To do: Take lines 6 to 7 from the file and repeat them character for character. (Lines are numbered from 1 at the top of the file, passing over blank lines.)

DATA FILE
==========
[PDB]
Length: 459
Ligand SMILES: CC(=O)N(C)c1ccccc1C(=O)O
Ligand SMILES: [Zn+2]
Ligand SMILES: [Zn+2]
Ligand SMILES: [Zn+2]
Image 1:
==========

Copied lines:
Ligand SMILES: [Zn+2]
Image 1: